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Escape from Reality

The Weinstein Company
 103 Minutes
Rated: R
Directed by: John Erick Dowdle 
Starring: Owen Wilson, Lake Bell, Pierce Brosnan
No Escape

The vast majority of movies are fictional, but, most of the time, audiences demand some level of credibility in their films. And the general rule of thumb is that the more “real” a film looks, the more believable we expect its story to be. So, we can accept people menaced by zombies or vampires or nearly indestructible fiends wearing hockey masks, but if the danger comes in the form of impoverished third world natives brandishing all manner of crude weaponry, the audience expects that mob to behave in a believable manner.


This lack of credibility is the major problem that continually dogs No Escape, a generally well made action film with a surprisingly effective albeit seemingly miscast star in Owen Wilson. In No Escape, Wilson plays Jack Dwyer, a mid-level executive at a major utility company. Dwyer is an engineer whose own business failed, but has been given a second chance in an unnamed Southeast Asian country a lot like Thailand. So, he takes wife Annie (Lake Bell) and his two daughters overseas where they wait to meet with Jack’s new local contacts.


While waiting, Jack decides to go find an English language newspaper, and his sojourn to a nearby street bazaar shopping district is rudely interrupted when he finds himself squarely in the middle of a riot involving dozens of police in riot gear confronting a street mob with knives and rocks. The riot turns bloody with casualties on both sides, and Jack flees, heading back to the hotel to be with his family.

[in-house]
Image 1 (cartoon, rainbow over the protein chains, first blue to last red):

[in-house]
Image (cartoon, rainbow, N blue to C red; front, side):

Once there, he finds the street mob has quickly become much better organized, and they are going from building to building executing random Westerners. The dozens of police from the previous scene are nowhere to be found (and, indeed, vanish for the remainder of the movie). The mob that in the previous scene was throwing rocks now has a tank and a helicopter at its disposal. The latter comes in quite handy (for the mob, who by now, we learn are an organized rebellion) when Jack and his family try to seek shelter on the hotel’s roof.


By the time the rebels’ helicopter appeared, which, if memory serves me, is before the rebel tank appeared, my mind had stopped thinking about Jack and his family’s plight and wondering just what type of Twilight Zone horror Jack was involved in. Apparently, in a matter of hours, a major civil war breaks out without any notice in a reasonably Westernized country. Hundreds of Westerners are slaughtered, the United States Embassy is overrun, and heavily armed mobs are roaming the streets, but there is no response whatsoever from either the country’s own army and police forces or the U.S. (or any other country’s) government.


That last statement is not quite true. There is a response in the form of Hammond (Pierce Brosnan), a hard drinking adventurer type with a bizarre accent who Jack meets, first on the plane and later in the hotel bar. You don’t have to be Sherlock Holmes to figure out that there’s more to Hammond than meets the eye. In fact, as Jack learns when Hammond shows up to extricate him and Annie from a particularly bad predicament, the man is a shadowy operative who was partly to blame for the events that led to the civil war in the first place (here’s a hint: it has to do with lots of money and the company Jack works for).